"The Last Kiss" — Madison, Wisconsin, is the stomping ground for a group of Generation Z 20-somethings to test their underdeveloped moral codes. Michael (Zach Braff) gets caught in an emotional whirlpool when his high-maintenance live-in girlfriend announces she's 10 weeks pregnant at a dinner with Michael and her parents. Michael, in turn, allows himself to be seduced by a needy college sophomore just to ensure that his girlfriend's irrational emotional outbursts have some merit. Paul Haggis adapted the script from Gabriele Muccino's 2001 comic drama, Tony Goldwyn directs and the consequence is a distinctly white-bread romantic comedy sprinkled with brief flashes of modern-day American existentialist dread. (R) 115 min. ** — C.S.



"Little Miss Sunshine" — Finding this kind of quirky, charming family adventure at the summer Cineplex is like finding a diamond in a junkyard. It feels safer to just applaud its gifts and not complain too much about its faults. Everything hinges on getting pudgy, bespectacled Olive to a California beauty pageant for little girls. But the movie turns on the relationships between her dad, Richard (Greg Kinnear), a motivational speaker, his frustrated wife, Sheryl (Toni Collette), her suicidal brother (Steve Carell) and his teenage nephew (Paul Dano), who hasn't spoken in nine months. "Little Miss Sunshine" is an entertaining and occasionally insightful story that just finds itself with too much to say. (R) 99 min. ***,/b> — Wayne Melton



"School for Scoundrels" — This remake of a 1960 British film casts Jon Heder in his "Napoleon Dynamite" goofball stereotype as Roger, an abused New York City meter maid vulnerable to fainting spells in the presence of his longed-for neighbor. A tip-off from a co-worker puts Roger in touch with a private self-esteem course for losers taught by a truly misanthropic "doc" (Billy Bob Thornton). Almost as soon as Roger parts with the $5,000 course fee, he jumps to the top of the class, ready to give the teacher a run for his money. Writer/director Todd Phillips ("Old School") relies on slapstick to compensate for his script's anemic narrative and ends up with a flat comedy occasionally punctuated with snaps of absolving vulgarity. (PG-13) 97 min. ** — C.S.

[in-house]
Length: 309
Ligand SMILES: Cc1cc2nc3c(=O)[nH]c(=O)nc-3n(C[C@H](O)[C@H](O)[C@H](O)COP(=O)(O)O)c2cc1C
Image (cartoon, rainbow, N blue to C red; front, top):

"The Wicker Man" — Nicolas Cage gives the worst performance of his career in this latest ill-conceived update of Anthony Shaffer's 1973 novel. Provocateur writer/director Neil LaBute imposes a theme of baffled female misogyny on the story of a California highway patrolman, haunted by a recent accident that killed a mother and daughter, who travels to a remote island to search for the daughter of a former girlfriend named Willow (Kate Beahan). It turns out that Willow has other things on her mind than finding a little girl who everyone says never existed. You'd rather look at wicker furniture. (PG-13) 102 min. * — C.S.